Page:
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toolcart design

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  • toolcart design

    I'm thinking about building myself some sort of a tool cart so that I stop putting tools all over the benches, mill tables, lathe chip pan, lathe headstock, etc. I'm probably the messiest worker ever and I'd like to reform my ways atleast a little bit by having a dedicated place to put things back down when I'm done.

    I was thinking something that had 4 or so interchangable drawers where different tool sets for various projects could be kept and easily switched around. I am just an HSM and I tend to jump around from project to project alot, one night its new toolholders, the next its linear motion tomfoolery, etc etc. So I'm requesting suggestions for an ideal toolcart design, probably to be made out of wood. Pictures, drawings, just comments all welcome.

  • #2
    A couple of these might work. For $39, you can hardly buy material and make them.


    • #3
      Looks like a good deal, but in the wrong country. Something in Canada is required. Shipping on something like that would kill the price.


      • #4
        How about these from Lee Valley?,43326,43330


        • #5
          Or Busy Bee? Aren't they the equivalent of HF in Canada?

          Might help to put a location in your profile next time.


          • #6
            I've built several now and wood isn't very satisfactory. It flexes too much and the wood joints loosen up. In order to make one work you have to use plywood backs, sides, top and bottom to get the rigidity. Mine have to be moved quite a bit because of the small space I have. Therefore I know now that the casters that you choose will probably be the greatest factor in how well you like your project. On some of my units I put swivel casters on all four corners. I probably won't do that again unless I have to for some reason. My last two have been welded up rectangular steel tubing. It is better by a long shot. I even enjoyed making them more.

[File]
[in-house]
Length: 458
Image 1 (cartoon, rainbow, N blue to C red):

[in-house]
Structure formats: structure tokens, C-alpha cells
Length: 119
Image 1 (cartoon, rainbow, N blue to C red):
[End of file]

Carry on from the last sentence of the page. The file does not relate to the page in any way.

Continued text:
One thing that I've been thinking was that it would have been less work to prep and paint the steel tubing before I welded it. I haven't done it this way yet but the idea was to degrease all the tubing and sand them. Then I would paint all the tubing. Then I would scribe my cuts in the paint and cut the pieces. Then I would clean up all the cuts with the 4" grinder and then weld them up. Then I would clean up the welds and paint the joints. Then give it a final coat. I've been brushing on the rustoleam with fairly good results.


            • #7
              I usually the weld up a steel platform with the casters. I then build the cabinet of plywood. I have also used the sheet metal of old clothes washer and driers. Avacado green and harvest gold shop cabnets, anyone. With a washer, turn it around, remove the back, add "internal" supports, drawers, and a solid top. There is no advantage to saving money with cheap casters, or using ones with small diameter wheels.

              If you are going for the store bought variety, the USA and Canada (imports down here) made ones are usually (always?) better than the China imports.
              Today I will gladly share my experience and advice, for there no sweeter words than "I told you so."